Enough about religion and all that. This is supposed to be a blog about wonder. For the next twelve nights I intend to write about possibly the most wondrous of all the elements, helium. As Joseph Campbell said, “I don’t believe in being interested in a subject just because it’s said to be important. I believe in being caught by it.” Maybe by the twelfth night, helium will have caught you.
Let’s start with an obvious one. Why do helium balloons float? This simple question will take us to the brink of one of the great discoveries of science: all the world is made of atoms.
Imagine yourself holding a string tied to a helium balloon. You feel that string tugging on your fingers, begging to be released. The helium balloon wants to escape, to fly away. But this is an illusion. Helium, like all matter, is affected by gravity. The gravitational field of the Earth pulls on helium just as surely as it pulls on everything else. So whence the illusion of lift?
Gravity pulls on air, too. But air is heavier than helium, and so the air around and above the helium balloon is pulled more strongly by the Earth than is the helium. You’ve experienced the same thing if you’ve ever held a plastic ball under the surface of the water in a pool or a bathtub. The water pushes below the ball, and so the ball seems to want to rise up.
But this leads to a lovely problem. Why should helium be lighter than air? To get to that answer, we have to take a roundabout path (those are the best kind, aren’t they?) through two more elements, hydrogen and oxygen.
Suppose you take some water, add some sodium sulfate to it to make it a good conductor, and run an electric current through. It doesn’t take much power, a six-volt lantern battery will do nicely. If you do this, from the positive end of the battery you’ll get bubbles, and from the negative end you’ll get more bubbles, twice as many, in fact. Simple tests will show you that the lesser bubbles are oxygen gas, while the double bubbles (ha!) are hydrogen. And a really fun test, recombining the hydrogen and oxygen (kaboom!) will show that every bit of each element will be used up, resulting in water once again.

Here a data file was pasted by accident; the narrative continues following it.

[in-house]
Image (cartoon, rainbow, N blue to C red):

This suggested to scientists that 1) everything was made of tiny particles, eventually called atoms and 2) the atoms combined in simple ratios to form things like water. In fact, as of course you know, the formula for water is H2O, two H atoms for every one O atom.
But notice that the volumes of the gases work out just the way you might hope. The volume of hydrogen gas is just twice the volume of oxygen gas. This idea eventually became Avogadro’s hypothesis. Simply, it says that as long as everything else is the same, equal volumes of two different gases contain the same number of atoms (or molecules, if the gas is, like both hydrogen and oxygen, molecular).
OK, fine. That means the number of atoms inside our helium balloon are the same as the number of molecules of air in an air balloon. And yet we know from experience that helium balloons float, while air balloons do not. What gives?
The difference must be with the atoms themselves. The world is made of atoms, and those atoms have different properties. The reason helium floats, makes your voice squeak, and stubbornly resists reacting with even the most reactive of chemicals, is that helium atoms have certain specific properties. Helium balloons float because helium atoms are very, very light. Soon we’ll find out why, and that journey will take us not just to the atoms themselves, but actually inside. Stay tuned . . .